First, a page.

(Bloomberg) -- U.S. President Donald Trump’s proposed steel and aluminum tariffs won’t cause China too much pain. If he really wants to land a blow on the biggest trading nation, he’d need to target electronics, toys and textiles.
Metals were just 5.1 percent of American imports from China in 2016, World Bank data show, while machinery and electronics made up 48 percent. Miscellaneous items like furniture and toys accounted for 16.5 percent of imports. Textiles and clothes made up 8.6 percent.
The data show Trump is attacking the wrong imports if he wants to cut the huge trade deficit with China, and that doing so would require measures against higher value products. Problem is, tariffs on goods such as electronics would ripple across a vast global supply chain, hurting U.S. allies from Japan to South Korea and Taiwan.
“If Trump really wants to hit China’s exports to the U.S., he’ll have to move beyond small fry steel and solar panels to big ticket items such as electronics and telecom products,” said Louis Kuijs, chief Asia economist at Oxford Economics in Hong Kong. “Any serious attempt to bring down the U.S. trade deficit with China will need to focus on the big categories.”
Trump said Thursday that the U.S. will slap tariffs on steel and aluminum imports to protect national security, a major escalation of his hawkish trade agenda that could hit producers from Europe to Asia and spur global retaliation. He said he plans to sign a formal order next week that will impose tariffs of 25 percent on imported steel and 10 percent on aluminum.
The announcement came the same day Chinese President Xi Jinping’s top economic adviser, Liu He, was scheduled to meet with Trump’s economic team in Washington: White House economic adviser Gary Cohn, U.S. Trade Representative Robert Lighthizer and Treasury Secretary Steven Mnuchin.
The tariffs may provoke retaliation from China, the world’s biggest steel and aluminum producer. In a statement Friday, Wang Hejun, chief of the trade remedy and investigation bureau at China’s Ministry of Commerce, said the restrictions would have “a major impact” on the international trade order.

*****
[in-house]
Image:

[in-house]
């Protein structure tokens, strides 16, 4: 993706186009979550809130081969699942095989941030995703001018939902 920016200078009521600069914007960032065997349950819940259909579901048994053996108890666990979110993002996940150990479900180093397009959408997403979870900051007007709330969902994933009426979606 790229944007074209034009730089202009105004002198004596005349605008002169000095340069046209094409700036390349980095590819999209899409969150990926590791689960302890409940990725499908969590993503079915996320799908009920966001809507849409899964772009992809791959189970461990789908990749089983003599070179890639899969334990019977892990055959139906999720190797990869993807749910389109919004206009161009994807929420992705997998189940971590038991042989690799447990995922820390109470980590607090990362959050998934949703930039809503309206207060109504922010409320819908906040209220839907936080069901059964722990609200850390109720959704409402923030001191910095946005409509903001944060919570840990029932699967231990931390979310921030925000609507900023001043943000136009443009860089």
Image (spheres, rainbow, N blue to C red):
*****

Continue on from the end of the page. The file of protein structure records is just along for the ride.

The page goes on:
“If the U.S. measures hurt China, China will take actions with other affected countries to protect our own interests,” he said. The U.S. mainly uses Chinese steel and aluminum imports in medium- and low-end products that don’t affect national security, Wang added.
Wen Xianjun, vice chairman of the China Nonferrous Metals Industry Association, also said China and other countries would take relevant retaliatory measures, according to a WeChat message to Bloomberg on Friday.
Beijing has already launched a probe into U.S. imports of sorghum, and is studying whether to restrict shipments of U.S. soybeans -- targets that could hurt Trump’s support in some farming states. While China accounts for just a fraction of U.S. imports of the metals, it’s accused of flooding the global market and dragging down prices.
What Our Economists Say...“China’s total exports of steel and aluminum are equal to about 0.5 percent of GDP, most of that from steel,” Tom Orlik, chief Asia economist at Bloomberg in Beijing, wrote in a note. “Relative to fears from Trump’s campaign trail rhetoric, in which he threatened an across-the-board 45 percent tariff on all imports from China, these measures are extremely limited.”
Trump warned this week that the U.S. will use “all available tools” to prevent China’s state-driven economic model from undermining global competition. On China trade though, action against steel, aluminum and solar show he’s yet to bring out the heavy artillery.
“To have a large effect he would have to go beyond individual products to broad restrictions on imports of labor-intensive products from China: footwear, garments, smartphones, televisions and appliances,” said David Dollar, a former U.S. Treasury attache in Beijing and now a senior fellow at the Brookings Institution in Washington.
The U.S. focus on narrowing the bilateral trade deficit puts China in an untenable position because it’s driven as much by macroeconomic conditions in the two countries as it is by trade policies, says Eswar Prasad, a former chief of the International Monetary Fund’s China division and now a professor at Cornell University in Ithaca, New York.
With a major fiscal expansion underway in the U.S. at a time when the economy is already gaining momentum, the U.S. trade deficit is bound to rise further, says Kuijs at Oxford Economics.
That sets the stage for a potential tit-for-tat trade confrontation. China’s economic might gives Xi’s government the leverage it needs to strike back decisively, including scaling back purchases of American products and subjecting well-known U.S. companies with large Chinese operations to tax or antitrust probes.
China hasn’t been shy about threatening U.S. corporate interests. A Communist Party newspaper warned in late 2016 that a trade war would have economic consequences. “Boeing orders will be replaced by Airbus,” the Global Times said in an editorial. “U.S. auto and iPhone sales in China will suffer a setback, and U.S. soybean and maize imports will be halted.”
“There will definitely be a rhetorical reaction” from China, Andrew Polk, co-founder of research firm Trivium China in Beijing, said in a Bloomberg Television interview today. “But I wouldn’t expect them to comeback, counter-punch very hard because their whole goal is to make sure that the heat of a trade war doesn’t get ratcheted up.”
©2018 Bloomberg L.P.
With assistance from Kevin Hamlin, Xiaoqing Pi